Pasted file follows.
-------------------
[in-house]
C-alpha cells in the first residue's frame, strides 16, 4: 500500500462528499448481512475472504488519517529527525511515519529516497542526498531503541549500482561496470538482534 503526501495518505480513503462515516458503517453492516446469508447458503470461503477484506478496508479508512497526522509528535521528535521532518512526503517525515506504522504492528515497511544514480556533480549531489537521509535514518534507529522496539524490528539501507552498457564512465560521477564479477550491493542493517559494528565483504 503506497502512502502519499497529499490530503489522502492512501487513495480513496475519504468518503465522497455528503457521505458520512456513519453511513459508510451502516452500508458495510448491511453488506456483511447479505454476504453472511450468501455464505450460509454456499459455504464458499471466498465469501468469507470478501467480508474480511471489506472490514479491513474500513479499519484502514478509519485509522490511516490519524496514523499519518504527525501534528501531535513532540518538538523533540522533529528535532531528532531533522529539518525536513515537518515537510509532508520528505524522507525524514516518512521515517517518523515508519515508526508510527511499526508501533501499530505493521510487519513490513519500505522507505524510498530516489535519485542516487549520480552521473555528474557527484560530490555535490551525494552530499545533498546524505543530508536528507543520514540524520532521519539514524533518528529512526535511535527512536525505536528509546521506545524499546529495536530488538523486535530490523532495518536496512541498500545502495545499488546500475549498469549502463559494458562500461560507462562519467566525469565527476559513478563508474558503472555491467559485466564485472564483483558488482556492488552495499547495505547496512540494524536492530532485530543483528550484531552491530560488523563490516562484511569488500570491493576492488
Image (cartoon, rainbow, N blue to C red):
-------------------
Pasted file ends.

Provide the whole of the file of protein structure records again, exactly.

[in-house]
C-alpha cells in the first residue's frame, strides 16, 4: 500500500462528499448481512475472504488519517529527525511515519529516497542526498531503541549500482561496470538482534 503526501495518505480513503462515516458503517453492516446469508447458503470461503477484506478496508479508512497526522509528535521528535521532518512526503517525515506504522504492528515497511544514480556533480549531489537521509535514518534507529522496539524490528539501507552498457564512465560521477564479477550491493542493517559494528565483504 503506497502512502502519499497529499490530503489522502492512501487513495480513496475519504468518503465522497455528503457521505458520512456513519453511513459508510451502516452500508458495510448491511453488506456483511447479505454476504453472511450468501455464505450460509454456499459455504464458499471466498465469501468469507470478501467480508474480511471489506472490514479491513474500513479499519484502514478509519485509522490511516490519524496514523499519518504527525501534528501531535513532540518538538523533540522533529528535532531528532531533522529539518525536513515537518515537510509532508520528505524522507525524514516518512521515517517518523515508519515508526508510527511499526508501533501499530505493521510487519513490513519500505522507505524510498530516489535519485542516487549520480552521473555528474557527484560530490555535490551525494552530499545533498546524505543530508536528507543520514540524520532521519539514524533518528529512526535511535527512536525505536528509546521506545524499546529495536530488538523486535530490523532495518536496512541498500545502495545499488546500475549498469549502463559494458562500461560507462562519467566525469565527476559513478563508474558503472555491467559485466564485472564483483558488482556492488552495499547495505547496512540494524536492530532485530543483528550484531552491530560488523563490516562484511569488500570491493576492488
Image (cartoon, rainbow, N blue to C red):